2. In a large skillet, add 3 Tbsp vegan butter, the onions and a dash of salt. Stir around over high heat until the butter melts and the onions soften. Then, turn the heat down to low.

3. Sauté the onions over low heat for ~20 minutes (stirring every 3-5 minutes) or until they are golden brown.

4. Add the carrots and garlic to the skillet. Sauté for 10 minutes over low heat. Stir every now and then.

5. Add the roasted buckwheat to the skillet. Stir around for a minute or two. Then, pour in the broth and soy sauce. Turn up the heat, and bring to a boil. Cover with a lid, and turn the heat down to low. Simmer over low for ~10 minutes or until the liquid is absorbed and the kasha is cooked through.

6. Remove the skillet from heat. Stir in 1 Tbsp vegan butter, balsamic vinegar, the dill, and black pepper. Taste, and adjust seasonings (more salt? more butter). Set the carrot kasha pierogi filling aside.

7. When the dough is rested and the filling tastes just right, it’s time to put a large pot of water on the stove. Then, cover it with a lid, and put it over HIGH heat to bring it to boil.

8. Because the water takes awhile to boil, use this time to assemble the carrot kasha pierogi. Roll out the pierogi dough until it’s about ⅛ inch thick. Use a water glass like a cookie cutter and cut out circles. Keep rolling out the dough and cutting out circles until there is no dough left.

9. Stock pile the circles on a clean plate until you’re ready to fill the pierogi. The number of pierogi really depends on the size of the mouth of your glass. I average about 25-30 each time.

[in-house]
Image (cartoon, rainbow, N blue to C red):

10. Once you have all the circles cut out for the pierogi, it’s time to fold them. Start with one of the circles. Re-roll the circle to stretch it out again. Then, place some carrot kasha pierogi filling in the center. Leave ample space on all sides (see photo above to the left).

11. Fold one side over the top of the filling until it touches the other side (see photo in the center). Press the two edges together until they stick, and press along the entire edge, so the pierogi is completely sealed (see photo to the right). If it isn’t sticking, wet the edges of the dough with water, and try pressing them together again.

12. Keep filling and sealing the pierogi until all of them are done. Place the finished carrot kasha pierogi on a plate or chopping board.

13. When the pot of water is rapidly boiling, place 5-6 pierogi in a strainer with a handle, and lower it into pot. Then, use a spatula to very gently loosen them off the bottom of the strainer (sometimes, they stick!).

14. Boil for 3 minutes or until the carrot kasha pierogi float to the top. Immediately remove the strainer with the pierogi from the pot.

15. Serve these vegan carrot kasha pierogi right out of the boiling water and top them with your favorite toppings (crispy sautéed mushrooms, fresh dill, melted butter, etc). Or pop them into a non-stick skillet with melted vegan butter and pan-fry them (see notes above).

Roasted Buckwheat Pierogi Recipe Carrot
All these roasted buckwheat pierogi need is some drizzled melted plant based butter